Saturday, December 13, 2014

Catching up, 12/13/14

Crounse Week is over. It was a success, given that the daily page views were five times what they normally are. I guess that means we will have more theme weeks as soon as I can select and plan one.

Meanwhile, let's catch up on some stuff that caught my eye this week.
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The Kentucky Transportation Center at the University of Kentucky has issued a report with the title, "Inland Waterway Operational Model & Simulation Along the Ohio River". I downloaded it and looked through the executive summary. Toward the end I found this description of its contents:

Users have the capability of adjusting the effects of different variables to anticipate how the system may react, and what changes in vessel traffic patterns emerge. This information will be of great use for stakeholders wanting to gain a better understanding of what conditions lockage times will increase or decrease, why delays emerge, and consequently how these impact traffic flows on the river.

The entire PDF is more than 200 pages long. I have not yet read it. I might this weekend, or it may be something I forget about for a while until something jars my memory. Or until my computer says it's running low on memory. If anyone out there reads it and has thoughts on it, please let me know.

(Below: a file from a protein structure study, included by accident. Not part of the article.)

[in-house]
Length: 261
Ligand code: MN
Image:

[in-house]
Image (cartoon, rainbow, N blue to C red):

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The Ohio River flows over top of the Utica shale, a deep formation that is rich in natural gas and various liquids. Most of the Utica drilling so far has been in Ohio, although I believe at least one company plans to drill a test well in the Utica in West Virginia soon. West Virginia and Pennsylvania are better known for their gas and gas liquids production from the Marcellus shale, which lies over the Utica in those states.

Here is one article that talks about trends in Utica drilling in Ohio. Don't expect to see a lot of natural gas being transported on the river, but there is activity in recovering the liquids. I have not heard how that might affect opportunities for river transport, whether in the raw liquids or the processed products, but surely there must be some.

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Meanwhile, some groups are opposing plans to drill and frack for natural gas and gas liquids in the Marcellus shale under the Ohio River, and some groups want to prevent the river from being used to transport waste frackwater from drilled wells to injection wells for disposal. Here is one report from the Ohio side of the river, and here is a report from the West Virginia side.